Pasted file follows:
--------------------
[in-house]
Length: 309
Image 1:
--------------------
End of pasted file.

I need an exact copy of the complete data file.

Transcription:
[in-house]
Length: 309
Image 1: